Genetic Variants in SGLT1, Glucose Tolerance, and Cardiometabolic Risk

J Am Coll Cardiol. 2018 Oct 9;72(15):1763-1773. doi: 10.1016/j.jacc.2018.07.061.

Abstract

Background: Loss-of-function mutations in the SGLT1 (sodium/glucose co-transporter-1) gene result in a rare glucose/galactose malabsorption disorder and neonatal death if untreated. In the general population, variants related to intestinal glucose absorption remain uncharacterized.

Objectives: The goal of this study was to identify functional SGLT1 gene variants and characterize their clinical consequences.

Methods: Whole exome sequencing was performed in the ARIC (Atherosclerosis Risk in Communities) study participants enrolled from 4 U.S. communities. The association of functional, nonsynonymous substitutions in SGLT1 with 2-h oral glucose tolerance test results was determined. Variants related to impaired glucose tolerance were studied, and Mendelian randomization analysis of cardiometabolic outcomes was performed.

Results: Among 5,687 European-American subjects (mean age 54 ± 6 years; 47% male), those who carried a haplotype of 3 missense mutations (frequency of 6.7%)-Asn51Ser, Ala411Thr, and His615Gln-had lower 2-h glucose and odds of impaired glucose tolerance than noncarriers (β-coefficient: -8.0; 95% confidence interval [CI]: -12.7 to -3.3; OR: 0.71; 95% CI: 0.59 to 0.86, respectively). The association of the haplotype with oral glucose tolerance test results was consistent in a replication sample of 2,791 African-American subjects (β = -16.3; 95% CI: -36.6 to 4.1; OR: 0.39; 95% CI: 0.17 to 0.91) and an external European-Finnish population sample of 6,784 subjects (β = -3.2; 95% CI: -6.4 to -0.02; OR: 0.81; 95% CI: 0.68 to 0.98). Using a Mendelian randomization approach in the index cohort, the estimated 25-year effect of a reduction of 20 mg/dl in 2-h glucose via SGLT1 inhibition would be reduced prevalent obesity (OR: 0.43; 95% CI: 0.23 to 0.63), incident diabetes (hazard ratio [HR]: 0.58; 95% CI: 0.35 to 0.81), heart failure (HR: 0.53; 95% CI: 0.24 to 0.83), and death (HR: 0.66; 95% CI: 0.42 to 0.90).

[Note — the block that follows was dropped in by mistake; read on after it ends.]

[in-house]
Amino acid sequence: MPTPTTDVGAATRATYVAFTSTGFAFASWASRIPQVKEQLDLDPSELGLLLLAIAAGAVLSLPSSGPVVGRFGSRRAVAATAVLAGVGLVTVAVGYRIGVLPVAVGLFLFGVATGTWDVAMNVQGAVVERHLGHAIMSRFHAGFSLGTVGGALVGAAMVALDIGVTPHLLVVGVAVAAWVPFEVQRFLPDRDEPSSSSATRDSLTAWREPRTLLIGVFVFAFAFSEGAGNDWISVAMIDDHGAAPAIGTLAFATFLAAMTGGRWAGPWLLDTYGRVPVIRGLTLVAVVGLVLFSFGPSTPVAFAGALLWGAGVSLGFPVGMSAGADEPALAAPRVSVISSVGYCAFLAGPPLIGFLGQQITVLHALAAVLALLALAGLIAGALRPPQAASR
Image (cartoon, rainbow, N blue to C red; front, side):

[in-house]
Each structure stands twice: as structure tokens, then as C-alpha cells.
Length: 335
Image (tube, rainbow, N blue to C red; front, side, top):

Conclusions: Functionally damaging missense variants in SGLT1 protect from diet-induced hyperglycemia in multiple populations. Reduced intestinal glucose uptake may protect from long-term cardiometabolic outcomes, providing support for therapies that target SGLT1 function to prevent and treat metabolic conditions.

Keywords: Mendelian randomization; SGLT1; glucose tolerance.

Publication types

  • Research Support, N.I.H., Extramural
  • Research Support, Non-U.S. Gov't

MeSH terms

  • Cardiovascular Diseases* / genetics
  • Cardiovascular Diseases* / metabolism
  • European Continental Ancestry Group / genetics
  • Female
  • Genetic Variation
  • Glucose / metabolism
  • Glucose Tolerance Test / methods*
  • Humans
  • Hyperglycemia / diagnosis
  • Hyperglycemia / genetics
  • Intestinal Absorption / genetics*
  • Loss of Function Mutation
  • Male
  • Mendelian Randomization Analysis
  • Middle Aged
  • Outcome Assessment, Health Care
  • Protective Factors
  • Risk Assessment / methods
  • Sodium-Glucose Transporter 1 / genetics*
  • United States
  • Whole Exome Sequencing / methods

Substances

  • SLC5A1 protein, human
  • Sodium-Glucose Transporter 1
  • Glucose